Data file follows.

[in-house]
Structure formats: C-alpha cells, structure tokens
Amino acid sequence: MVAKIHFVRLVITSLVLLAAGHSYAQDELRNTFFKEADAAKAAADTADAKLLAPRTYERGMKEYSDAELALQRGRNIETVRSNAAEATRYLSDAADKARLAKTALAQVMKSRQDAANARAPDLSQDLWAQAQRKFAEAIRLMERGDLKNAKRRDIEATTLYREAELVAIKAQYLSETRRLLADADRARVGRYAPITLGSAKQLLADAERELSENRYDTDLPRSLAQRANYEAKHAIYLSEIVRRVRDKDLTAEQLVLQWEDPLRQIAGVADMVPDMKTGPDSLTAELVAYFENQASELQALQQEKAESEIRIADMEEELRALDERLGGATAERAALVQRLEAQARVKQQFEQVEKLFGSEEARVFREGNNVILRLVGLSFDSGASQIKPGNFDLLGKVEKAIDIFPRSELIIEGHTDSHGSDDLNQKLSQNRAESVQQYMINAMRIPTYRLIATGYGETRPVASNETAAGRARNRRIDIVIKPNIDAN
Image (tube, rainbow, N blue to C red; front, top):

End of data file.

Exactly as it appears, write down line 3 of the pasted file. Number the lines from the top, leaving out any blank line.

Amino acid sequence: MVAKIHFVRLVITSLVLLAAGHSYAQDELRNTFFKEADAAKAAADTADAKLLAPRTYERGMKEYSDAELALQRGRNIETVRSNAAEATRYLSDAADKARLAKTALAQVMKSRQDAANARAPDLSQDLWAQAQRKFAEAIRLMERGDLKNAKRRDIEATTLYREAELVAIKAQYLSETRRLLADADRARVGRYAPITLGSAKQLLADAERELSENRYDTDLPRSLAQRANYEAKHAIYLSEIVRRVRDKDLTAEQLVLQWEDPLRQIAGVADMVPDMKTGPDSLTAELVAYFENQASELQALQQEKAESEIRIADMEEELRALDERLGGATAERAALVQRLEAQARVKQQFEQVEKLFGSEEARVFREGNNVILRLVGLSFDSGASQIKPGNFDLLGKVEKAIDIFPRSELIIEGHTDSHGSDDLNQKLSQNRAESVQQYMINAMRIPTYRLIATGYGETRPVASNETAAGRARNRRIDIVIKPNIDAN